“I am upset that a pretend exercise in an improvisation, from an actual scene in the film, has been written about as if it was a real scenario,” said Jolie, a United Nations special envoy for refugees. “The suggestion that real money was taken from a child during an audition is false and upsetting. I would be outraged myself if this had happened.”

A source familiar with the film’s casting process told HuffPost the children who auditioned were aware they were improvising a scene from the film, adding that no real money was involved. Casting directors reiterated to the kids auditioning that it was a “pretend game” in order to ensure the actors did not feel any pressure, the source said.

The “pretend game” was reportedly based on Ung’s real-life experience of getting caught stealing by the Khmer Rouge. Ung, a Cambodian-American, survived the Khmer Rouge killings that claimed the lives of her parents, two siblings and nearly 2 million Cambodians in the late 1970s.

The actors who were ultimately cast in Jolie’s film are a mix of trained actors, orphans and disadvantaged children. Srey Moch Sareum, the child playing the film’s leading role, lives in a slum community and attends a non-governmental organization school in Cambodia.

“Srey Moch was the only child that stared at the money for a very, very long time,” Jolie had told Vanity Fair. “When she was forced to give it back, she became overwhelmed with emotion. All these different things came flooding back.”

Rithy Panh, a Cambodian filmmaker and producer on the film, said, ahead of the auditions, crews introduced the children to the camera equipment and explained they had to pretend to steal something that was left unattended and then get caught.
Panh, himself a survivor of the Cambodian genocide, called the criticism over the “game” described in the profile a “misunderstanding.”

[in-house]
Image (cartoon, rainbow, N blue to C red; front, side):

“Great care was taken with the children not only during auditions, but throughout the entirety of the film’s making,” he said in a statement to HuffPost.
“Because the memories of the genocide are so raw, and many Cambodians still have difficulty speaking about their experiences, a team of doctors and therapists worked with us on set every day so that anyone from the cast or crew who wanted to talk could do so,” he added.

Jolie’s upcoming Netflix film is based on Ung’s 2000 memoir of the same name. Jolie said in the Vanity Fair profile that there was an “authentic connection to pain for everyone involved” with the film, which will be released later this year. She also explained that a therapist was on set every day to provide support for those impacted by flashbacks and nightmares of the Khmer Rouge’s rule.

Vanity Fair did not respond to HuffPost’s request for comment by the time of this publication.”

A statement from Angelina Jolie:

“I am upset that a pretend exercise in an improvisation, from an actual scene in the film, has been written about as if it was a real scenario. The suggestion that real money was taken from a child during an audition is false and upsetting. I would be outraged myself if this had happened.”

you all want her to be evil so bad